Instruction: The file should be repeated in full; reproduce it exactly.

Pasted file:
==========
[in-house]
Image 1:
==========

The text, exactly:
[in-house]
Image 1: